Doctoral Dissertations

Date of Award


Degree Type


Degree Name

Doctor of Philosophy



Major Professor

George K. Schweitzer

Committee Members

Craig E. Barnes, Michael J. Sepaniak, Charles L. Melcher


The rare earths include elements Sc, Y, and La through Lu are important in many modern technologies. With the exception of Sc and Ce the rare earths are all have similar chemical behaviors with the preferred oxidation state in aqueous solution being +3. Currently, industrial purification of the rare earths is completed by counter current solvent extraction (CCSX). In most CCSX separations, Y extracts with Ho making their separation difficult. However, in a few systems Y exhibits an itinerant behavior. Carboxylic acids of varying sizes and substitutions were investigated in a study of Y itinerant behavior. It was found when carboxylic acids have only one branch that was an alkyl group Y extracted with the early rare earths. As branches are added to the carboxylic acid Y extracted with the heavier rare earths.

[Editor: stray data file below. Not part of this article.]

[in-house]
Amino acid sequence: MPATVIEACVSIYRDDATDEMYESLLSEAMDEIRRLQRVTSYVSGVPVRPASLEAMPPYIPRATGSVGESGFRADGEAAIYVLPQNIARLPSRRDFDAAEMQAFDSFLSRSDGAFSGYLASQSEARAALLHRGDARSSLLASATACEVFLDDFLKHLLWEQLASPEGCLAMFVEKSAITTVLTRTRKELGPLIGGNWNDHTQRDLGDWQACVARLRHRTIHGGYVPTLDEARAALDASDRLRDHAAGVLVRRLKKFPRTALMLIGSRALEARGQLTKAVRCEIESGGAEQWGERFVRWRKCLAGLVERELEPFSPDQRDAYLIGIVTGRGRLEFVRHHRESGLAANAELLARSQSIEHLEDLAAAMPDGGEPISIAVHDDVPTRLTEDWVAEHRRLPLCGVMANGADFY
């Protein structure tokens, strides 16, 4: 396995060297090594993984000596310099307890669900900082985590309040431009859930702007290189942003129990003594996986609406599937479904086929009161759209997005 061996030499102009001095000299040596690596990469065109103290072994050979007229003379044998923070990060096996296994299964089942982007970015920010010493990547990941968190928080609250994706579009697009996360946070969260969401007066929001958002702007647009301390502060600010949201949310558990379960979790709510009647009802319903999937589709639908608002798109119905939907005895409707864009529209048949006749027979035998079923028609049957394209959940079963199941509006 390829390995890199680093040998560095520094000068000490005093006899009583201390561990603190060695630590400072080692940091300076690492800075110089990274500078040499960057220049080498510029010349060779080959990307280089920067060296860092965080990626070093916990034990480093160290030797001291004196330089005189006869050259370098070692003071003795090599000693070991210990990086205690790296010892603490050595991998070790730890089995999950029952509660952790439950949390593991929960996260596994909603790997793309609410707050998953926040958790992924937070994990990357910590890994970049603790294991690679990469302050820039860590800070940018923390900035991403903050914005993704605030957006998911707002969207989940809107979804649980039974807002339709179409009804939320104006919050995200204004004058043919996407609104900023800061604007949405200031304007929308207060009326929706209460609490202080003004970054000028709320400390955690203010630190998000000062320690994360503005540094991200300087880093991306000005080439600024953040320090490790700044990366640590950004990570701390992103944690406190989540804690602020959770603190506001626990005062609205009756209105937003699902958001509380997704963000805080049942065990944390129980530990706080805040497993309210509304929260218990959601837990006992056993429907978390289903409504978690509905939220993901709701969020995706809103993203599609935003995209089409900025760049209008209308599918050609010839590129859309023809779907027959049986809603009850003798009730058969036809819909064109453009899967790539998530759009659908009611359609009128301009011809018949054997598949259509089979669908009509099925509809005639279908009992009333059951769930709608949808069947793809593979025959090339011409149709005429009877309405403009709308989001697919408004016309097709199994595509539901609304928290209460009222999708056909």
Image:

This series of studies also investigated the rare earths with mechanochemical reactions. Lutetium oxyorthosilicate (LSO) was synthesized by mechanochemical methods using a planetary ball mill which is usually completed at high temperatures. It may be possible to reduce the rare earths using mechanochemical methods at room temperature with no solvents. Mechanochemistry may offer a new method of synthesizing rare earth compounds.

The final study involved lowering the operational costs of the production of LSO. Iridium is used as the crucible for melting LSO. It is a platinum group metal with a high value. However, during the synthesis of LSO iridium is lost to the insulating material by a vapor deposition process. A method to recover this lost iridium was developed using a gravity concentration method.

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